Basic Info
What's New

- Feature Story
- Other Stories
- News Archive

Preperatory Process
Major Groups
Media Info
Sustainable Development In Action
Conatact Us
Joahannesburg Summit 2002
What's New

UN Taking First Steps Toward Implementing Johannesburg Outcome

New York, 23 September— Back from the World Summit on Sustainable Development, United Nations officials are preparing the groundwork for a system-wide assault on the targets, timetables and commitments that were agreed upon in Johannesburg.

Even before the General Assembly meets in mid-November to endorse the results of the Summit and set a schedule for the newly recharged Commission on Sustainable Development, UN agency heads have been meeting to coordinate an action-oriented agenda for the UN system.

"There's just no excuse for not getting on with it now," according to JoAnne DiSano, Director of the UN's Division for Sustainable Development. "The Summit gave us a clear mandate for what we have to do, and there is not one part of the UN that will not be affected by Johannesburg."

DiSano said discussions are now taking place to ensure that there is consistency in delivering results on the ground. "There is a coming together" within the UN, she said, but added that "the UN system has got to have a bigger sense of ownership, responsibility and implementation." She commented, "I think the UN will rise to the occasion."

The Summit resulted in major government commitments to expand access to safe water, proper sanitation and modern, clean energy services, as well as to reverse the decline of ecosystems by restoring fisheries, curtailing illegal logging and limiting the harm caused by toxic chemicals. In addition to those commitments, many voluntary partnerships were launched in Johannesburg by governments, NGOs and businesses to tackle specific projects.

The UN alignment to implement Johannesburg comes at a time when results of the Summit are also being discussed in countries around the world, to see how implementation efforts will take shape domestically and through international cooperation.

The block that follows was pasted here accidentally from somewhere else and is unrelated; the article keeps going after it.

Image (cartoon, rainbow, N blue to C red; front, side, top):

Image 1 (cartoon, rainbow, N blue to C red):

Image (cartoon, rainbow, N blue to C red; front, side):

"Johannesburg clearly put sustainable development back on the global agenda," DiSano said. "It dealt with sustainable development for what it is—the integration of economic, social and environmental considerations—not for what it is not, or just one or two of these factors." She added, "The Summit also sent a message to stop the chatter and get on with implementation."

Revitalizing the CSD

The Commission on Sustainable Development, which was established to oversee implementation efforts after the 1992 Earth Summit in Rio, is expected to see the biggest changes. Rather than continue with the present pattern of considering a few select issues each year, DiSano said the outcome of Johannesburg could help make the body far more dynamic.

"Johannesburg lets us break out of the mould of the last five years," she said. "It will allow us to look at initiatives and partnerships, and let us highlight the areas that need attention." It will also help, she said, to improve consistency, coherence and cooperation towards achieving the goals of Johannesburg while forging better linkages with the results of other major global conferences, such as the Monterrey Financing for Development Conference and the World Trade Organization ministerial meeting in Doha.

As agreed in Johannesburg, the Commission on Sustainable Development will continue to meet every year, but hold negotiations on substantive matters every other year. Although no new substantive negotiations are envisioned in the near future, the General Assembly, in its deliberations this November, is expected to take several procedural decisions that can help maintain the momentum from Johannesburg, such as setting a date for an organizational session of the Commission.